What is Inflammatory Bowel Disease?
Approximately 1.3% of adults in America have been diagnosed with inflammatory bowel disease (IBD), which is chronic inflammation or swelling of the digestive tract. You may be wondering if IBD is similar to the commonly diagnosed irritable bowel syndrome (IBS), however one does not equal the other. IBS is a functional disorder that can cause pain and gas; it does not cause the ongoing inflammation that IBD does. The cause of IBD is unknown, although researchers have speculated that genetics, a weakened immune system, and environmental contributors such as smoking or stress are potential culprits.
The two most common forms of IBD are Crohn’s disease and ulcerative colitis. They exhibit similar symptoms, but differ in that Crohn’s disease affects any part of the GI tract, whereas ulcerative colitis is limited to the large intestine and rectum. While these frustrating diseases can be overwhelming at times, there are options for treatment and ways to manage flares.
What are the symptoms?
Symptoms can come and go, ranging from mild to severe. When an individual with IBD is experiencing symptoms, it is referred to as a “flare”. A flare of IBD can include persistent diarrhea with or without blood, pain, fatigue, diminished appetite, and weight loss. Individuals should seek medical attention if there is a persistent change in bowel pattern or if any of the previously mentioned symptoms are occurring.
How is it diagnosed?
Gastrointestinal distress can be stem from a variety of conditions or causes. Due to this, IBD cannot be diagnosed using just one test or scan. Diagnosis is typically conducted through a series of combined testing and imaging to rule out other causes. It will also include a thorough review of history, symptoms, and a physical assessment from a medical provider. Most providers will start with blood and stool lab tests, looking for indicators of inflammation. They will then look at imaging of the GI tract, often via endoscopy, such as a colonoscopy or an upper GI endoscopy. This is an outpatient procedure that utilizes a small lighted camera to view the inside of the GI tract and assess areas of concern, removing any tissue for biopsy. Radiology scans may also be utilized to view the remaining parts of the GI tract and surrounding areas.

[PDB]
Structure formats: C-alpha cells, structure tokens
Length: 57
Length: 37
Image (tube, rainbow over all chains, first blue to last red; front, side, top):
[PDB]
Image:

What is the treatment?
Medications like corticosteroids, immunosuppressants, or antibiotics are used during flares or to help control symptoms for the individual to remain in remission. Sometimes, surgical treatment, such as bowel resection, is necessary after medications are no longer effective in controlling flares.
A dietitian’s role
In mild disease, simple diet modifications can be very helpful. However, it is important to note that treatment with dietary modifications is highly individualized, as what works for symptom management for one person may not work for another. Some have found that monitoring fiber intake, keeping a food journal, and choosing to consume small, frequent meals have been helpful. In more severe episodes, alternative nutrition via a feeding tube or the intravenous route may be required.
Having a dietitian to consult with is ideal, as highly restrictive diets can lead to further vitamin and mineral deficiencies. A registered dietitian can help to ensure individuals with IBD are able to modify their diet in an approachable way, while still ensuring adequate intake of key nutrients.
If you have more questions about your diet, it’s always a great idea to speak with a registered dietitian. Registered dietitians are the only credentialed experts qualified to address your unique health questions. Click here to request a direct consultation with a dietitian today!
Centers for Disease Control and Prevention. (2022, April 14). Prevalence of IBD. Centers for Disease Control and Prevention. Retrieved May 22, 2022, from https://www.cdc.gov/ibd/data-and-statistics/prevalence.html
What is IBD? Crohn’s & Colitis Foundation. Retrieved May 22, 2022, from https://www.crohnscolitisfoundation.org/what-is-ibd
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